Travel Tips Traveling With A Dog

How to Road Trip With Your Dog

How to take your dog on a road trip!
Written by Amy

We here at Travel Fish are dog people. And we’re travel people. We’ve learned how to share the best of both worlds, and we’re here to offer tips and tricks that we learned on the road. In the last year, our dog, Ellie, a boxer mix, has come on multiple road trips and we’ve loved every minute. We think she has too.

Before you begin, you need to know your dog. Some dogs (luckily, not many) hate riding in a car. If this is your dog, you might want to reconsider a road trip. However, we know our dog well, and we know when she is likely to get anxious. We know she loves to ride in the car, so through trial-and-error we’ve found the best options for her.

Planning a trip is pretty important when you’re bringing your furry friend. We had the best luck with Bring Fido in finding pet-friendly locations, although a handy Google search also helps!

First things first, you need to pack accordingly. Bring plenty of food, especially if your dog has a special diet. Collapsible bowls for both food and water are extremely useful. Whenever we travel with Ellie, we also throw an old towel in the trunk- it’s amazing how dirty a dog can get while exploring new places. You’ll want some extra special treats in case they need a little bribery or extra encouragement. In case of an emergency requiring you to board your dog in a nearby kennel, always bring up-to-date vaccination records. Don’t forget some doodie bags as well. And finally, make sure to bring extras of everything you might need, because throwing your dog’s routine off can mean extra bathroom trips, leading to using all your poop bags before you even reach your destination… don’t ask how we know.

Now to the actual road trip with your dog. We usually give ours free reign of the car, but if you’re in a vehicle you don’t want damaged, you can purchase a dog hammock (we use the Kurgo Dog Hammock) to protect your seats. Or, you could even invest in a dog seatbelt for added safety (next on our dog travel shopping list). Knowing your dog’s typical habits is essential as well. When does your dog normally eat, drink, and need the bathroom? Plan on your road trip taking a little longer to give your puppy frequent breaks. We stopped often, finding public rest stops to be the best options due to their big grassy areas.

Want to stay in a hotel? Use the handy internet to find yourself the best dog-friendly accommodations near your destination. The first time we tried this, it was pretty last minute, and the only room remaining was a two-queen-bed option. Our spoiled puppy actually loved this, as she had her own bed! Consider camping, as well, because campgrounds tend to be much more dog-friendly than hotels. Be prepared to pay a pet deposit, and don’t forget bowls for food and water. If your dog gets anxious in new surroundings, bringing a favorite toy, blanket, or even some calm down treats. Ellie was able to relax after a long walk introducing her to the area, and giving her a chance to sniff her new surroundings.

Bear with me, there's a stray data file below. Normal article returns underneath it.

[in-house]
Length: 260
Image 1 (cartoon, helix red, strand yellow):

Now that you’re in your destination, what do you do? Don’t leave your dog trapped in a hotel room! If you absolutely must leave your dog behind (we hope this doesn’t happen unless an emergency arises), find a local kennel where they can be supervised. We successfully took our dog into San Francisco, a massive city, and still had fun! Use the web to find pet friendly locations such as beaches and parks. We were even successful enough to find restaurants that allowed dogs. One great place in Santa Cruz, Pono Hawaiian Grill, offered a “dog menu.” They brought Ellie a bowl of beef and she was over the moon. Make sure you pack your camera, as the memories we have watching our dog see the ocean for the first time were priceless.

Road Trip with our Dog Ellie

Finally-it’s sad we have to say this- don’t be an asshole pet owner. During our travels we have encountered the worst of the worst. Pet friendly hotels with poop-covered lawns, pets being left alone and becoming destructive in their rooms, dogs barking all night and keeping neighbors awake, poop left on beaches and in parks. You are their human. You are expected to clean up after your dog, and if you don’t, we all lose privileges at these beautiful destinations. Don’t leave your dog alone in the hotel room. Keep your pet fed, watered, bathroomed, and with their people. And finally, if you find a really cool location where your dog was welcome, let folks know about it! Reviews online help others find these places (and the proprietors gain business) so they can enjoy them.


How to take your dog on a road trip!

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